Cameroon Media in the Loop. By Fon Achobang

In flames?World Press Freedom day celebrations are dedicated to reflections on what the role of the media should be in society. On the eve of the 2010 manifestations, the Cameroon media was bereaved as one of its members, Bibi Ngota, was allegedly tortured and abandoned to die in pretrial detention at the Kondengui Central Prison. Cameroon media was also shocked beyond rationale when the Minister of Communication, government regulator of the sector, Issa Tchiroma Bakary went out of his way to make a public statement that Bibi Ngota was HIV positive and died from opportunistic infections. Against this background, Cameroon media is in mourning and reflection on the challenges that face the sector.

Citizens cannot make sound decisions on issues put before them without the free flow of information and public opinion. This information and opinion helps them to make informed decisions during elections and on which projects to support. 2011 is a critical year in Cameroon and the media cannot allow itself to fail. They must create the atmosphere for debate and free flow of information to educate and sensitize voters.

Cameroonian voters should be given a limitless supply of information sources; newspapers, magazines, radio, television, books, mailed communications and pamphlets. Hundreds of newspapers are reported as registered in Cameroon, and according to government that is an alibi for press freedom. How does the Cameroonian press provide coverage of all important local, regional, national and international developments?

The Prime Minister of Cameroon, Yang Philemon just completed an economic and image charming trip in the United States of America. The Cameroonian people are left to consume only the coverage of Cameroon Radio Television and Cameroon Tribune, both government public media. A vast majority of the bourgeoning press was left out of the trip. Of course, government media concerns are limited and will fail to report the all important trip from all perspectives. By the end of the trip few Cameroonians will be informed of the necessity of such a trip and the its fallouts.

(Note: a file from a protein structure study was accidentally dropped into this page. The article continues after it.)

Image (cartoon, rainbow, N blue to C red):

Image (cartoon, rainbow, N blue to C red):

As a committed sector to impartial and unbiased reporting of facts, the mass media, as an ideal should enable voters to make intelligent decisions. As such the media should analyze the meaning of developments, and in clearly identified columns and broadcasts, express editorial opinions supporting or opposing the decisions of public officials. In the current dispensation, the Cameroon private media has been seen as weakening government action in acting for the public good. This is because the private media has been the one reporting the various allegations on Biya’s Ill-gotten Wealth and the suits against the Head of State in the diaspora.

As to the choice between the media and the government, let us remember what Thomas Jefferson, the author of the Declaration of Independence in America said. In 1787 he declared:

The basis of our government being the opinion of the people, the very first object should be to keep that right; and were it left to me to decide whether we should have a government without newspapers, or newspapers without a government, I should not hesitate a moment to prefer the latter.

Over 200 years ago, that is what one of the founders of the American modern nation thought of the media. As a source of informed opinion, it should occupy the priority position. The Cameroon media should offer debates on public issues and interviews with persons who support or oppose specific actions. The Cameroon government has indicated, perhaps it has become its hallmark, that it is opposed to any opinion opposing its actions. In the 1980s when the economic crises started biting the country, lots of journalists of the English expression tried to debate issues in the country. They were whisked off the news programme, Cameroon Report and taken straight to the Kondengui Central Prison. The name of the programme had since been changed to Cameroon Calling but each time the spirit of Cameroon report reared its ugly head, the anchor was taken off. As such the Cameroon media lost some of its best practitioners in the English language.

Today, the Cameroon media is confronted with all sorts of problems caused by amateurs and people who barely have the tools for reporting. The 1990 communication regulations try to define what a journalist was. According to this profile, a journalist was somebody who went through a school of journalism; somebody with a postsecondary education and should have spent at least a year practicing in a media house; and thirdly if the practitioner does not have a postsecondary certificate, he should have spent at least four years in a media house. These criteria notwithstanding, there is no watchdog to screen those currently on the field.